Monday, January 7, 2013

What does a psychologist do?

The question “what do you do?” often comes up in social situations.  My answer typically draws some attention.  Reactions are varied and range from interest to skepticism.  I have had several people ask if I can read minds.  Sometimes I wish that I could . . . but darn it, they don’t teach us that in graduate school.

The shortest explanation of what I do as a psychologist is that I work in partnership with my clients (young and old) to facilitate change. 

For many people change is a scary concept.  We are all more or less comfortable in our familiar routines in life and then all of a sudden something shifts- a death in the family, a super strict teacher, a bully moves into the neighborhood, a major medical diagnosis.  When life happens in an unexpected way we use our very best skills to cope.  Sometimes those skills are outdated.  Sometimes those skills push others away from us.  In many cases new skills have to be developed.

As a psychologist I am an active listener, creative problem solver, teacher, encourager, and support.  My role is to provide the right conditions for positive change to take place.

“How many psychologists does it take to change a light bulb?” Only one, but the light bulb has to want to change.  This is an old joke, but it does explain a key factor about counseling.  It is not a passive process; both the psychologist and the client are working hard in the session.  I often give “homework” to my clients to ensure that they are also working outside of the session.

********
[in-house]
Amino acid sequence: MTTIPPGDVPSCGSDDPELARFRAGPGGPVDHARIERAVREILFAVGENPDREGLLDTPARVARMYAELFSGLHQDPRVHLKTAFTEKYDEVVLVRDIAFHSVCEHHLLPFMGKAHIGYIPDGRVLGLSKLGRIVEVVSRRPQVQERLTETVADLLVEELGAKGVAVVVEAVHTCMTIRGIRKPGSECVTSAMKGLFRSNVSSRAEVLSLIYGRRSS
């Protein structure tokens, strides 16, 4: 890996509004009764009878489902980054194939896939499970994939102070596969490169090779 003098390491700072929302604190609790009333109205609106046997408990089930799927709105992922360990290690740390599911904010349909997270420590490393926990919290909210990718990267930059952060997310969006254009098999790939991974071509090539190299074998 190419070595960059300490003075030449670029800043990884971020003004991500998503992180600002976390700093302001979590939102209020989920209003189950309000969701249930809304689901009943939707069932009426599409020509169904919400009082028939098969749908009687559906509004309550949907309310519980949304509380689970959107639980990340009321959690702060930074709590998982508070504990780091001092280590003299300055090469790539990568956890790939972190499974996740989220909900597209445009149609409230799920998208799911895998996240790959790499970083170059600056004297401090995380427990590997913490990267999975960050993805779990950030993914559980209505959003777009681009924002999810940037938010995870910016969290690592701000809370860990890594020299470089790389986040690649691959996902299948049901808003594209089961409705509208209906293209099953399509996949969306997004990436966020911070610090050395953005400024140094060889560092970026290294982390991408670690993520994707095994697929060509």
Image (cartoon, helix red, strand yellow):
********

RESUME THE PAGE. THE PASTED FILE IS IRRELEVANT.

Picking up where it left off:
Therapy with a child often involves teaching how to identify, express, and receive comfort from past hurts or disappointments.   The aggressive child needs to learn more socially acceptable ways to get his/her needs recognized.  The bullied child benefits from acknowledgement and tools of assertiveness.  The depressed child is looking for a perspective of hope.  The anxious child is given an opportunity to develop skills of self-reassurance and soothing.  Life is tricky- we need lots of tools in our toolbox to manage ourselves through change. 

Throughout my twenty years in partnership with clients I continue to be inspired on a daily basis by the transforming power of change.  It is a privilege to journey with another person through their most challenging life moments.  Every client is different and every problem has a multitude of creative solutions that is unknown at the beginning of treatment. 

Did you notice there is no mention of blaming the parents?  Despite difficult family situations my job is to empower each child to take responsibility for their own success or failure in coping with change.  If parents are open to making changes too- Bonus!

I LOVE my job.  I hope you love yours.   

Your questions and comments are always welcome.


  1. How informative! People often get their opinion of psychologists from comic strips, movies, and television. How insightful to get a perspective from an actual psychologist!

  2. Thanks for enlightening me, Lisa. Even after knowing you for years, I still wasn't clear on exactly what you did! I love your stance on not blaming parents and empowering children (even grown children) to take responsibility for their actions. We have a mutual friend who once told me Dr. Marotta "knows her stuff." I agree!

  3. I like the "partnership with client" foundation. Also love your new format.